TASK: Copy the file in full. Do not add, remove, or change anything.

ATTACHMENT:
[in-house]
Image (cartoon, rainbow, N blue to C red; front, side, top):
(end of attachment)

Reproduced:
[in-house]
Image (cartoon, rainbow, N blue to C red; front, side, top):